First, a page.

Another issue, Hussan says, is the restrictive time period of the work permit, which does not give international students enough time to meet the minimum requirements for permanent residency. 

According to Hussan, “even if students start a high-wage job on the first day after receiving their one-year work permit and apply for permanent residence on the last day of their job, they are still undocumented as the visa is expired.”  

Having to apply for multiple study permits can also push international students to a state of anxiety and stress, says Savitri Sinanan, an international student at George Brown College. 

“Have you ever considered our mental health?” she asked during the conference. 

Savitri Sinanan says she would never have ripped herself from her home in Trinidad had she known the truth about permanent residence challenges in Canada. (Photo supplied)

Originally from Trinidad, Sinanan shared how she has had to go through three (rejected) rounds of Canada’s Comprehensive Ranking System (CRS), which the government uses to rank immigrants in its Express Entry Pool, with the highest-ranking candidates receiving an Invitation to Apply (ITA) for permanent residence.

This has meant she’s also gone through three study permits and through around $100,000 spent since 2014 on tuition fees thus far.  Her third study permit is ending this July. 

“It’s the price of a luxury car in Canada and a fortune in the land where I come from,” she said, “but I certainly have not been living in luxury.”

The last time, her application was rejected citing that she has only 11 months of work experience, though she asserts she has two-and-a-half years of Canadian work experience. 

“I didn’t know I had to appeal in 15 days,” she said, adding that she had no legal aid.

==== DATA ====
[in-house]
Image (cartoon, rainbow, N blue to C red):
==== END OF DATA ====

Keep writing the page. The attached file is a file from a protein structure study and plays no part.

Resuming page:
Sinanan said she could try for a Labour Market Impact Assessment (LMIA), which could potentially help qualify her as a foreign worker, but she says a Brampton-based consultant asked her for $45,000 to help her with the process. 

“How can I afford it?” she wonders, adding that many of her jobs have paid very little, with  no benefits and no paid sick leave. 

“I have been abused, exploited, racially discriminated against and disrespected by employers,” she said, adding she has never taken advantage of any social assistance system and has never been a burden. 

“Rather, I have contributed to early childhood education and care and have been an essential frontline worker during the pandemic.”

Sinanan, who first arrived in Canada in 2014 for an undergraduate program in early childhood education from Centennial College, says despite her excellent grades and being on the Dean’s Honour Roll, due to the 20-hour work limit, she is currently not able to find a high-wage job.

Long and arduous journey to PR

If Sinanan finally receives her permanent residence after her study permit expires in July,  hers will have been an arduous, stress-filled eight-year journey.

As per Statistics Canada, Sinanan is not an outlier but one of the hundreds of thousands who will take five to 15 years or more to be granted permanent residence.

And of the international students who obtained their first study permit between 2000 and 2004, the national statistics agency reports, only 21 per cent became permanent residents within five years after the first study permit was obtained.